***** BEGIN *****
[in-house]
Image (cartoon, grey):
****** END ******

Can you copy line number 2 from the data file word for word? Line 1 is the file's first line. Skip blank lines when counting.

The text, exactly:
Image (cartoon, grey):